One year ago, the future was bright for Canada's marijuana industry. Recreational weed sales commenced on Oct. 17, 2018, and all expectations were that sales would roar out of the gate. But as we've witnessed, Canadian pot stocks haven't come close to roaring. In fact, it's been more like a whimper.

A number of issues have caused the Canadian weed industry to struggle. A backlog of licensing applications with Health Canada, for example, has kept legal weed off the market. Likewise, the slow rollout of retail dispensaries in select provinces has coerced many Canadians to purchase black market marijuana. The result of these struggles is that most Canadian pot stocks are still losing a lot of money.

A tipped-over white bottle, with dried cannabis buds inside, lying atop a messy pile of cash.

Image source: Getty Images.

Canadian cannabis stock profits (so far) should come with an asterisk

Now, I know what you might be thinking: "Wrong! Aphria (NASDAQ:APHA) and Cronos Group (NASDAQ:CRON) are both profitable."

While technically correct, the only way Canadian cannabis stocks have been able to produce a profit in recent quarters has been with a number of one-time benefits.

For example, Aphria's first-quarter operating results featured net income of 16.4 million Canadian dollars on CA$126.1 million in sales. Sounds great, right? But thing is, the company benefited from a fair-value adjustment on biological assets of CA$18.9 million tied to its cannabis operations. Although fair-value adjustments are par for the course with International Financial Reporting Standards (IFRS) accounting, the door on IFRS accounting can easily swing both ways. If all one-time benefits and costs were removed, Aphria is still not generating an operating profit.

The same goes for Cronos Group, which has blown Wall Street's profit projections out of the water in back-to-back quarters. It's not Cronos Group's cannabis operations that led to the company recording nearly CA$251 million in comprehensive income in the second quarter. Rather, it's Cronos' revaluation of derivative liabilities (i.e., warrants given to Altria Group) that have accounted for these huge swings. On an operating basis, Cronos Group is decisively losing money.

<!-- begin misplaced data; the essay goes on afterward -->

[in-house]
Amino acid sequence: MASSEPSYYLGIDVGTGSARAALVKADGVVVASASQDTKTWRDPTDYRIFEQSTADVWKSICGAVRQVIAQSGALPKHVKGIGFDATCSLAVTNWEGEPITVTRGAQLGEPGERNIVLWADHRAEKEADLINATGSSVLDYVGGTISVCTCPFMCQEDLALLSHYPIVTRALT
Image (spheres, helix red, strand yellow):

So, which Canadian pot stock is going to break this money-losing streak and be the first to push toward a no-nonsense, recurring operating profit (i.e., one that doesn't involve one-time benefits or fair-value adjustments)? If my arm were twisted, I'd choose OrganiGram Holdings (NASDAQ:OGI).

An up-close view of a flowering cannabis plant in a large indoor grow farm.

Image source: Getty Images.

Here's why OrganiGram will be the first Canadian pot stock to generate a recurring (and real) profit

New Brunswick-based OrganiGram is unique for a number of reasons. Among major growers, it's the only company located in the Atlantic region of Canada. This can be particularly helpful in serving these eastern provinces. Although Nova Scotia, Prince Edward Island, New Brunswick, and Newfoundland and Labrador are lesser-populated provinces, cannabis usage rates tend to be higher among adults in these Atlantic provinces than the national average.